Proper process for Labour's Working Group on Tax Policy

Dr Bryce Wilkinson
Insights Newsletter
8 September, 2017

In 1936 the much-quoted US journalist HL Mencken wrote“government is a broker in pillage, and every election is a sort of advance auction sale of stolen goods”.

So here we are in 2017, preparing to vote in yet another government spending auction of someone else’s money. But whose money is it to be?

Probably all the major parties chant in unison at this point: “Not yours, dear voter; of course not.” Then whose?

Well, Labour seems to have the most novel answer in the field. It looks like: “how about we set up a Tax Working Group, and determine that after you have voted us in?”

This is not a very attractive offer. There is many a shopper who might hesitate to enter a shop where she might find she is the one paying for everyone else’s groceries.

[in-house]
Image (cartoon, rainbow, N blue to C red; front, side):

Jacinda Ardern seems to be ‘onto it’. She has been busy narrowing the scope for doubt. There will be no increase in GST or the top personal rate of tax (33%). Any capital gains tax will exclude family homes. Tourists and multinationals are in the gun, but they don’t vote.

So what might be left afoot? Labour’s latest fiscal plan states that:

“We will establish a Tax Working Group in government. It will have a mandate to create a better balanced tax system, including between assets, wealth, income and consumption. Labour is committed to delivering a tax system that is fair, simple, and collected.”

So taxes on land, assets and wealth look to be in the frame. So do taxes on capital gains on businesses, farms, rental properties and other private investments.

None of these look simple. There are unsettling questions about current and base valuations, inflation adjustments, realised and unrealised gains, and the ring-fencing of losses. Fairness may be whatever a majority of shoppers want it to be.

So what more can Labour do from here to alleviate shopper uncertainties?

One option is to assure shoppers that Labour will follow sound, established tax policy development processes. We have one. It is called the Generic Tax Policy Process. It provides for five stages in the development of tax policy, with public scrutiny at each stage.

Parliament would determine the matter, but informed public opinion would be consulted, and heeded. 

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